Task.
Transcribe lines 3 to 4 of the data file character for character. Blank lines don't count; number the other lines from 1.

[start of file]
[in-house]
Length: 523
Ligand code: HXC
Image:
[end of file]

Ligand code: HXC
Image: